My kingdom come and My will be done take charge. I erase God from his universe (unbelief). I exalt myself (pride). I am enslaved to what I most want (lust). I am living in the community of grumblers, and wanting things that current opinion, cultural values and modern advertising teach me to need (world). I am exhibiting what James 3:14–16 portrays as the logic of a devilish wisdom. Fill in the blanks and you’ve named the nasty God-substitute that fired up a bad attitude.
It is helpful to name the mastering lust, fear, felt-need or expectation that hijacked God’s place. Repentance becomes more intelligent. I can bring to the Father of mercies both my behavior and my motives, both my horizontal and my vertical need. His love is magnified because I see my need more clearly.
Our renegade desires are not solo operatives. To be sure, the desires that mislead us are “all about me.” But they never work alone. The flesh partners with world and devil, as we have seen. Often I’ve heard this article referred to in shorthand as “Idols of the Heart.” But my title intentionally includes ‘Vanity Fair,’ the situational forces that beset us. It’s just as much about looking around as it is about looking in the mirror.
If I’d thought to impose a longer title on readers, I would have called it “Idols of the Heart, Vanity Fair and the Prince of Darkness.” Sin means war, and the war is fought both inside and all around us. I chose to use only the first two terms primarily because the article holds a running conversation with the behavioral and social sciences. Sin intimately characterizes the very phenomena that these sciences study—yet they expunge all awareness of sin. That’s significant. To front-end load the devil would be theologically balanced, but it would have immediately distracted from the implications of sin for psychology and sociology. Mention of the devil tends to make everyone get giddy or queasy. When the devil becomes the topic of conversation, he’s rather like that dominating relative who grabs the spotlight and microphone at your Christmas party. No one else gets a chance to be heard. In contrast, the Bible carefully points out that the devil is at the party, but it rarely puts him in the spotlight.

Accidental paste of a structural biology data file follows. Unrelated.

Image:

Our renegade desires are not so ‘inward’ as to call for intense introspection. The desires that mislead us do cause us to coil in on ourselves. But they are not as inward as we might imagine. They are not so much ‘intra-psychological’ phenomena as they are ‘vertical-dimension’ actions and defections. What are you seeking? What are you loving? What are you fearing? What are you trusting? Where are you taking refuge? What voices are you listening to? Where are you setting your hopes? Those simple questions take the Bible’s God-relational verbs, and turn them into questions. Such questions can help you to see how you are straying. They can help you help others to see themselves. Our answers to these questions describe the seedbed of our sins, how we are curving in on ourselves.
But these questions don’t send us on an inward journey. They don’t make us intrusive toward others. They do invite all of us to come out of the closet and into the light of Christ.
Seek him who is worthy. Trust him who gives freely. Love him who is lovely. Fear him whom we have to kneel before. ‘Idols of the heart’ is a great metaphor because it captures how we are always reaching out to worship something, anything—either God or the minigods. Sin causes the psyche to operate as if we were self-referential and encapsulated. But our souls are God-relational, and the self-encapsulation we experience simply describes our defection from reality.
An ‘idol-hunt’ would turn me introspective and self-analytical. It would make me mistreat you. Faith makes me extraspective and God-relational. Love makes me extraspective and other-relational. Faith and love draw us out of sin’s enmeshing self-obsession (including enmeshment in obsessive introspection). So come forth. Our Savior gives us his own joy, and joy is an interpersonal emotion. He throws open the doors to the fresh air and bright light of a most kind grace. Bless the Lord, O my soul, and all that is within me bless his holy name!